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Spaceport America Brings Space Tourism to Earth (Video)

Travel News – No one can yet say when space tourists will ride a rocket ship from New Mexico’s Spaceport America into the blue, but earthbound tourists can now get a taste of the space experience at the $219 million facility without leaving the ground.

Spaceport America 2The Spaceport America Experience tour made its official debut on Wednesday, kicking off with a ribbon-cutting ceremony at a spiffed-up visitor center in Truth or Consequences. The experience continued with an hourlong bus trip from the Old West town (known as “T or C”) to the state’s gateway to the final frontier, 28 miles away.

Among the tourists were city officials, business and community leaders and journalists, as well as students and teachers from nearby schools. The kids got a kick out of a “G-Shock” simulator that looked a lot like a carnival ride — but the attraction that really wowed them was a life-size replica of Virgin Galactic’s SpaceShipTwo rocket plane, set out in the spaceport terminal building’s 45,000-square-foot hangar.

“It’s absolutely amazing,” said 16-year-old Adrian Chavez, who’s going into his junior year at Hot Springs High School. “We’re making history!”

Spaceflight on Hold

History has its dark as well as its bright moments, however: Wednesday’s kickoff came nearly eight months after the first working SpaceShipTwo broke apart during a rocket-powered test flight over California’s Mojave Desert. One of the pilots was killed. The other was seriously injured. The accident forced Virgin Galactic to put its test program on hold — and threw Spaceport America’s spaceflight schedule into limbo.

Virgin Galactic’s CEO, George T. Whitesides, acknowledged the difficulties during Wednesday’s ceremony, but he said the company was undeterred. A second SpaceShipTwo is under construction in California.

“One of the things we know as Americans is, you can’t stop when things get hard,” he said.

Before the accident, Virgin Galactic founder Richard Branson said he hoped to be taking a suborbital space ride in early 2015, with paying passengers following soon afterward. After the accident, Virgin Galactic executives have been much more circumspect.

“We’re going to fly when we’re ready,” Whitesides told NBC News on Wednesday. “We’re going to fly when it’s safe, and we’re making great progress.”

How Tourism Figures in the Plan

Spaceport America’s CEO, Christine Anderson, told NBC News that the spaceport is bringing in about $2.4 million in annual revenue — thanks to Virgin Galactic’s lease payments and other deals, ranging from a SpaceX lease to commercial photo shoots. But that’s not enough to get the spaceport to the break-even point. Anderson said the state provides more than $460,000 annually to fill the gap.

To reduce the need for state subsidies, the New Mexico Spaceport Authority revised its business plan with an aim toward diversifying its revenue sources. Such efforts are starting to bear fruit: Last month, the spaceport struck a tentative deal with X2nSat, a satellite ground station venture.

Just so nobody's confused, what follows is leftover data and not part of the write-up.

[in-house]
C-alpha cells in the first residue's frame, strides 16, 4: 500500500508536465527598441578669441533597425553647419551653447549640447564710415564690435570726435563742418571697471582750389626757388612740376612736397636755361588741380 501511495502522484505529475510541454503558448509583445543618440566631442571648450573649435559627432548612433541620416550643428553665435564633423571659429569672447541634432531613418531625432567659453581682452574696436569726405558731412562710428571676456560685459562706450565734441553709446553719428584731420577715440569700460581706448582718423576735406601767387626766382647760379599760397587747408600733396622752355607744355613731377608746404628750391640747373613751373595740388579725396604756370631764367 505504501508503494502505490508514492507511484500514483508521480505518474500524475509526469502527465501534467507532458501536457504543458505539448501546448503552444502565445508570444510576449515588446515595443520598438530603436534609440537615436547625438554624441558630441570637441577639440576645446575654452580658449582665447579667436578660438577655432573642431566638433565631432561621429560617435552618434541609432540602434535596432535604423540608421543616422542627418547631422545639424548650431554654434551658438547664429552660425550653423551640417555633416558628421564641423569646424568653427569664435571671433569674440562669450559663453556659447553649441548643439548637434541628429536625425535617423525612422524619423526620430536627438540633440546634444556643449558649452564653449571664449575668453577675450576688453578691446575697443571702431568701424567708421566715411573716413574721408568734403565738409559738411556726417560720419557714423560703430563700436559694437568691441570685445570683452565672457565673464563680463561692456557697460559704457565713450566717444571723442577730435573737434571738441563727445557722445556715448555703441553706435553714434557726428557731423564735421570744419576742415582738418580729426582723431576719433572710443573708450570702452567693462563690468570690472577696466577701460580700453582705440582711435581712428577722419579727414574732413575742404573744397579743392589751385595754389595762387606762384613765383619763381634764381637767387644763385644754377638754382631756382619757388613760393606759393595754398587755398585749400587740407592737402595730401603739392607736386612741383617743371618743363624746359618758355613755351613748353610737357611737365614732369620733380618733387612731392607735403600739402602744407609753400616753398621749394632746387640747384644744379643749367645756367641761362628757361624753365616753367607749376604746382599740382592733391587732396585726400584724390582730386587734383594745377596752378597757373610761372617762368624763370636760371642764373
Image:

The tour operation is another part of the business plan. A company called Follow the Sun Tours has been running “hard-hat” preview tours for years, but now the company will be guiding customers through full-fledged guided tours. Spaceport America gets a cut of the ticket price — about 15 percent, Anderson said.

The tour starts out from the visitor center, housed in a 1930s-era adobe building that has served as the town’s police station, city hall and senior recreation center over the decades. During the bus trip to Spaceport America, riders can watch videos about the region’s history.

Once their bus is waved through the gates, tourists get to walk through the dome-shaped Spaceport Operations Center and cruise down the spaceport’s 12,000-foot runway — but the piece de resistance is the “Gateway Gallery,” an exhibit hall that overlooks the facility’s cavernous hangar.

In addition to the G-Shock simulator, the Spaceport America Experience offers spacey video games, a sphere that lights up to shows satellite orbits crisscrossing a map of Earth and kid-friendly science exhibits that were designed by IDEAS, a Florida-based company founded by theme-park veterans.

Coping with Controversy

The venture hasn’t been without controversy: Some critics took aim at the spaceport’s $9 million contract with IDEAS. Others were upset to see Truth or Consequences’ senior recreation center converted into the tour operation’s visitor center.

In advance of Wednesday’s ribbon-cutting ceremony, a few town residents carried protest signs on one side of the street. But on the other side of the street, just as many others held up signs welcoming the new visitor center.

Truth or Consequences’ mayor, Sandra Whitehead, said it’s been a challenge to balance the town’s old heritage with its new aspirations — but she added that “we can do it, if it’s done right.”

“What we’ve done today will be a big boost for our economy and our community,” she told NBC News.

Anderson also talked up the economic benefits — and said the tourism angle will provide a bonus that’s hard to put a price tag on. “When I go to Spaceport America, I expect to have fun,” she said. “I want people to have fun. I don’t know the last time I went to an airport to have fun.”

Tours leave from the visitor center at 301 S. Foch St. in Truth or Consequences, N.M., several days a week at 9 a.m. and 1 p.m. General admission is $44.99 for adults who book online in advance, and $29.99 for ages 18 and under. The cost is $24.99 for residents of Doña Ana County and Sierra County, which help fund the spaceport with tax revenues. Check the Spaceport America website to learn more about the tour or book a reservation.


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